Time to garden:

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Tomatoes, our staple

A new tiny snail, I haven't seen before.

A new tiny snail, I haven’t seen before.

A gentle change

A gentle change

The Acer drops seeds and the seedling are being potted up.

The Acer drops seeds and the seedling are being potted up.

Roses still blooming

Roses still blooming

Looking up

Looking up

Autumn colour

Autumn colour

Delicate semi-shade plants

Delicate semi-shade plants

In Victoria known as Virginian Creeper, in Tasmania known as Boston Ivy. These creepers are growing on the water tanks.

In Victoria known as Virginian Creeper, in Tasmania known as Boston Ivy. These creepers are growing on the water tanks.

Chilli plant in front of zucchini

Chilli plant in front of zucchini

Verbena, still a few jewels to be found.

Verbena, still a few jewels to be found.

Baby cyclamen, treasures .to be nurtured

Baby cyclamen, treasures .to be nurtured

Finally, figs for the birds and us. Thanks for your visit, Barbara

Finally, figs for the birds and us. Thanks for your visit, Barbara

 

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20 thoughts on “Time to garden:

    1. bkpyett Post author

      Barbara, we hardly use them for cooking, so apart from those given away, I string them up for decoration in the kitchen! I love their colour. Thanks for your visit!!

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  1. fatericsmum

    Oh yes, it’s that time of year — time to make passata! We’ve just managed to find some old bricks (who would have thought THAT could be so difficult!) so that we can balance the 44-gallon drum within which the bottles of tomato passata will cook. We build a fire under the drum and cook the filled bottles for 3-4 hours, then leave to cool down (another 5-6 hours) — et voila!

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    1. bkpyett Post author

      Pauline, I admire your spirit. It is a thrill to preserve the produce grown. Sounds as if you’re enterprising doing it outdoors. I freeze some, but also make relish and chutney. Love to see it all bottled. Good luck with yours!

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      1. fatericsmum

        Well, the advantage of doing it this way is that one can stack about four rows of bottles inside the drum, giving a total of about 30-40 bottles in total in one batch, Barbara. Worth the effort, we think 🙂

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      2. bkpyett Post author

        Sounds a great way to do it. My mother had an electric outfit that fitted only about 8-10 bottles? She was forever preparing jars and steaming them in this tin contraption. From memory, that took hours too. I guess you have to stand by to top up the water with so many bottles in there. Wonderful to get it done in one hit. 🙂 I have just skinned 8 kg of tomatoes for relish today. It will stand over night and cook tomorrow.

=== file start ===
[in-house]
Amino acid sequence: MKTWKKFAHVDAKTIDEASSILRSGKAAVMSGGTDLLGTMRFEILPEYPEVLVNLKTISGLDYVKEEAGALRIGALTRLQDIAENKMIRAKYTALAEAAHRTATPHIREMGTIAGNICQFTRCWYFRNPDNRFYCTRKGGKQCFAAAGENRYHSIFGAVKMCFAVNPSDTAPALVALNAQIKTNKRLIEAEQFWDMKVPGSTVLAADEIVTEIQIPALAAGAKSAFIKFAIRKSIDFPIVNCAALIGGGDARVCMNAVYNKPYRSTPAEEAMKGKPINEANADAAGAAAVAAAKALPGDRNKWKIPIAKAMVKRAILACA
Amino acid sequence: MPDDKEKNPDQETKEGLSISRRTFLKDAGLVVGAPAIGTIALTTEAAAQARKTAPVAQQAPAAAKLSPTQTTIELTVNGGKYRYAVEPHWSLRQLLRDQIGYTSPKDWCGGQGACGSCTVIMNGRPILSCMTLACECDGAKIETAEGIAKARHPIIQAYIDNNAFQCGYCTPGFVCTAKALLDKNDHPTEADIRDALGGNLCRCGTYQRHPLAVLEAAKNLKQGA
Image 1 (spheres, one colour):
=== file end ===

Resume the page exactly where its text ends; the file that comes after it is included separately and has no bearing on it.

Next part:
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  2. preciouspen1955

    The colours are really beautiful , it is possible to grow acer here in Ireland i will be putting one in the front garden and I will post a pic as soon as the grass is cut there, and we have some some colour. Happy days . Kathy.

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    1. bkpyett Post author

      You must have lots of deciduous trees to choose from Kathy. I’m sure you will enjoy an acer though amongst the many trees you choose. Shall watch with interest! 🙂

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    1. bkpyett Post author

      Yes Hilary, I can’t resist potting the acer seedlings. I’ve given many away, and I guess there’s always a fete if no one wants them. I have quite a few around the garden growing already. I hope your tomatoes are as productive as mine have been. It’s been a good season, apart from being dry.

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  3. gerard oosterman

    Great garden. The Virginia creeper here hasn’t gone red yet. I am surprised you managed to get cyclamen flowering at this time of the year. Do you get frost? The acer is proof you do live in a tempered climate. Great crop of tomatoes. It remembers me when still on the farm we had a large home made pizza oven outside near the chooks, in which, after we made the pizzas we would bake bread and next day when the oven was still warm, dry out our home grown tomatoes. We used to bottle them in olive oil with basil. Lovely.

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    1. bkpyett Post author

      Good to hear about your time on the farm. Sounds wonderful! The cyclamen flower in the spring as well as the autumn. The plants we brought from Tasmania. Yes, it is temperate here, with few mild frosts. We don’t use the pizza oven as you can see it’s totally overgrown now.
      When we go, someone could resurrect it! Love the sound of those bottled dried tomatoes.. 🙂

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